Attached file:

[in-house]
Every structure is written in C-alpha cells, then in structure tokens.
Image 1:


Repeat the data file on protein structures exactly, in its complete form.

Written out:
[in-house]
Every structure is written in C-alpha cells, then in structure tokens.
Image 1: